Most of us work in companies that have methods for manufacturing products or processes, which we have developed, that differentiate us from the competition. These may or may not include patents and copyrights. When these processes are not revealed in public disclosures such as patents or copyrights, they are kept as company “Trade Secrets.” The most famous of these is, of course, the formula for Coca-Cola. It has been protected from public disclosure for nearly 100 years by hiding the formula in a vault with only very limited access.
So how do you protect your trade secrets when access to the information is needed by numerous operating personnel in performance of their jobs? This is a critical management function to ensure the safety of this information. Competitors can reverse engineer nearly any product these days and produce an “almost” exact duplicate. However, your own development of the product probably found that a slight tolerance variation in one or two key elements of the design was the difference between success and failure. This is now your trade secret and needs to be protected.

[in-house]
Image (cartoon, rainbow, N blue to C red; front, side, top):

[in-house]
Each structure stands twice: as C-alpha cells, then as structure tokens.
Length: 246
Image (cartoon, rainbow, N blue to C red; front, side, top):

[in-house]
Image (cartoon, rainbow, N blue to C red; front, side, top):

Several years ago we set up a sales representative in China. In China, copying products is a way of life without regard to contracts or normal business practices. Sure enough, within the first year of our contract, copies were being made. Fortunately, we found out about it through one of their employees and cancelled the contract. After setting up our own sales organization, we heard from one of our customers that one of our products was not working in a major process line and causing much damage. Upon investigation, we found that the product did not have our markings and was one of the counterfeit models. The forger had missed one of the key design features in the form of a key tolerance, which prevented the proper operation.
So how do you protect that feature? Well, here’s how not to. In the U.S., we had a customer who hired one of my engineers in order to make the product for his own use. Over the course of the years in doing business with this customer, our engineering department had sent the customer outline sales drawings for their use in adapting the product to their equipment. These drawings were done in a CAD format. In such a format, layers of design details are overlaid upon each other to get the final assembly. The final assembly can be configured to omit the underlying details and show only the finished outside dimensions. Such a drawing can be used for sales purposes.
However, such a drawing - if sent electronically - can also be deconstructed to reveal all the underlying details, including the part with the very critical tolerance dimensions!
More on this next week.
Company Trade Secrets
By Jack Marino
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